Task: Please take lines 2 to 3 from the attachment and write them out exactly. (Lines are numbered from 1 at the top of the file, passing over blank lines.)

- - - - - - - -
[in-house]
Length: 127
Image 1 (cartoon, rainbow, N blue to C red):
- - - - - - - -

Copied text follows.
Length: 127
Image 1 (cartoon, rainbow, N blue to C red):